Secondly, employees were only liable for negligence when their acts result in students’ bodily injury.
Significance: The Barr v Bernhard case served as a catalyst for the human rights movement to have the legislature change statutes that do not correlate with the legislative’s intents in a constitution. This case was decided many years ago and eight years after the court’s decision, the legislature had not changed the statute.
Holding: The United States Supreme Court held that before a student from a public school is subjected to a suspension, the student should get the chance to explain his or her actions in a hearing (Find Law, 2015). According to Emanuel and Emanuel (2008) and Wasserman (2004) giving suspensions without a hearing violates the American constitution. The court held that suspending students from public schools without a hearing was in violation to the due process clause, stipulated in the Fourth Amendment of the constitution.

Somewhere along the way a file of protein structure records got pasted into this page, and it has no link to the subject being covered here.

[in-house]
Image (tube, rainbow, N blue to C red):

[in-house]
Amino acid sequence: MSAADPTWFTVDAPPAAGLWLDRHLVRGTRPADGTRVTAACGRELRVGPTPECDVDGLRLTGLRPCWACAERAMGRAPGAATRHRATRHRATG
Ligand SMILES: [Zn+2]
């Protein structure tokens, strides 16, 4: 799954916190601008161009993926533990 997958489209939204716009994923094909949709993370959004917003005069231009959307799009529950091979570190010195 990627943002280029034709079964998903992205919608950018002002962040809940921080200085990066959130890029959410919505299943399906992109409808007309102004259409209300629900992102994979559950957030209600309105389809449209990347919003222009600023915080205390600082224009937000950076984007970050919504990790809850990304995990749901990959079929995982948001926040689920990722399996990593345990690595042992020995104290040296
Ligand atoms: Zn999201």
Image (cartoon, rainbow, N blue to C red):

Reasoning: Central High School where the nine students got suspended violated the due process clause because the students got suspended without first going through the school board’s hearing process. Though the students destroyed the school property which resulted to a disruption of learning the students were still entitled to education which was taken away when they got suspended. According to Cole & Smith (2007) and Alexander and Alexander (2011) students have an entitlement to their due process of the law stipulated in the